Calton Hill Collective
On a wet Wednesday in November, Calton Hill in Edinburgh’s east end may not be the first place that springs to mind as a go-to destination. The views may be splendid, but what do you do once you’re up there and at the mercy of the elements? The answer can be found in a new arts and culture destination at the restored City Observatory site.
A new purpose-built exhibition space with panoramic viewing terrace and restaurant – The Lookout – are among the buildings which will open together as Collective and bring the observatory back into use for the first time since 2009.
Developed as a partnership between Edinburgh restaurant The Gardener’s Cottage and Collective, the Lookout offers seasonal cooking made from local produce, and fantastic views across the city and the Firth of Forth courtesy of floor to ceiling glass windows.
It is built on a cantilever so that it is partially suspended over Calton Hill’s northwest slope and is destined to become a highlight of the £4 million redevelopment project, funded by City of Edinburgh Council, Collective, Creative Scotland, Heritage Lottery Fund, Edinburgh World Heritage, WREN, Wolfson Foundation, Garfield Weston And Architectural Heritage Fund.
The official opening this weekend, is the culmination of an idea that began in 2010 when Collective, an Edinburgh Arts organisation established in 1984 to support new work by artists, first used the site.
Kate Gray, Collective director, explains: “At the time, no one had a lease on the site and it was on the Buildings at Risk register. We were using it for a one-off project that had an end to it, but we could see the potential and began the conversations that led to what we have now as we developed a longer vision for the site.”
Fundraising to redevelop the site began in 2013 when Collective moved to a temporary gallery space on Calton Hill. The finished product is a unique arts venue, featuring the restored City Observatory, City Dome, and a purpose-built exhibition space.
The first work to be presented at Collective goes under the banner title Affinity and Allusion and features new work spanning sculpture, installation, performance, audio work and text by six artists chosen specially by Collective.
The works are vastly different in nature, ranging from Klaus Weber’s Fagman – a design for a contemporary monument that acts as a counter point to the existing patriarchal monuments on Calton Hill, to Catherine Payton’s Time Capsule – a walking tour set in 2168 after Edinburgh is flooded and all that remains are a series of islands formed of the city’s seven hills.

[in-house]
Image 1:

Weber’s Fagman exhibit: A man (far left) stands observing a monument, but the step ladders (right) look mighty high and the man is diminished. How tall is he and the monument? Answer below (photos by Terry Murden)
What the works have in common is that they invite the viewer to question how we view the world around them, an approach that Collective say is central to their vision for a new kind of city observatory.
Gray is keen to point out that the new venue is not a museum, and instead will focus entirely on new work that responds to and engages with the setting. She says: “We’re looking at the site and objects through a contemporary vision of art. We see art as a lens and a tool to engage with the world. We work with contemporary artists to show new work that does that.”
While the work on display may not be to everyone’s taste, and may not make everyone want to make the journey up Calton Hill to see it, the views from the top will continue to provide their traditional appeal, and with the prospect of excellent food and a warm dry setting to rest and enjoy the views, it’s likely to become an increasingly popular destination for people escaping from the city.
Collective Opening Weekend is at Collective, City Observatory, 38 Calton Hill, Edinburgh from 24 to 25 November from 10am to 4pm on both days. Entry is free
Further information at https://www.collective-edinburgh.art/programme
Weber’s Fagman puzzle: the man is a six-inch miniature model. The monument is about eight feet tall.